Our expertise: Equality and diversity
We believe that it is essential that policy on equality, diversity and discrimination in England, Scotland, Wales and Northern Ireland is informed by the best and most robust evidence available. Our research covers a wide range of topics, including:
- Changing views and experiences in employment and service delivery of groups sharing protected characteristics under the Equality Act 2010 (e.g. age, civil partnership, disability, gender reassignment, race, religion or belief, sex and sexual orientation)
- Disadvantages and ways to address them among protected groups and people suffering multiple inequalities
- Fair access to public services, goods and facilities
- Methodological developments in monitoring inequality and progress towards equality
- Evaluation of programmes and initiatives designed to reduce inequality, discrimination and bullying
Find out more about our:
Studies and methods
We are proud to carry out the British Social Attitudes Survey and the Scottish Social Attitudes Survey, which have at various times asked questions relating to views on equality, discrimination and fairness. We also conduct:
In addition to these surveys, we have conducted a range of work using:
- tests and perceptions of discrimination in recruitment for jobs, work practices and the media (e.g. a test for racial discrimination by submitting identical job applications, investigating views on the portrayal of people by age in the media);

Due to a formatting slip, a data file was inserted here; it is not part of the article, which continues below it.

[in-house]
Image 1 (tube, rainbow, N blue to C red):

- secondary analysis of existing datasets to shed new light on areas of inequality, discrimination or multiple disadvantage (e.g. understanding of multiple disadvantage in older age using ELSA data; exploring experiences of discrimination related to sight impairment among young people using data from the Millennium Cohort study);
- qualitative work to explore experiences related to changes in equality policy and law, and responses to new equality legislation, emerging good practice, and ways to improve access to services (e.g. exploring management and employer responses to new equality legislation on sexual orientation and religion and belief, the effects of the introduction of same-sex civil partnerships on the lives of lesbians, gay men and bisexual people);
- workshops and cognitive testing to develop survey questions for monitoring progress on equality (e.g. developing questions on gender identity and transgender that are acceptable and understandable to the transgender and wider population);
- evaluations of programmes of work or initiatives to reduce poverty and discrimination, promote equality and fairness and foster good relations and human rights (e.g. exploring the implementation of, and good practice related to the Public Sector Equality Duty (PSED) in England and Wales);
- literature reviews and evidence assessments to establish the best evidence available in relation to equality policy and discrimination faced by groups sharing a protected characteristics (e.g. evidence reviews of research on discrimination related to sexual orientation and transgender; assessment of literature on community-led attempts to reduce poverty in other countries and what can be learnt from them in the UK).
We have developed expertise in a number of policy areas in recent years, such as around the implementation of and responses to the Equality Act 2010 and the PSED; investigating what works in tackling and reducing homophobic, biphobic and transphobic bullying in schools; attempts to address religion or belief discrimination in the workplace and service delivery work.
For the full list of our projects, visit our Equality & diversity research page.
We work with a wide range of funders and commissioning organisations in the equality, diversity and discrimination fields.
At a national level we work regularly with the Equality and Human Rights Commission (in England and Wales) and with the Government Equalities Office and the Welsh Government. Our colleagues at ScotCen also work with the Scottish Government.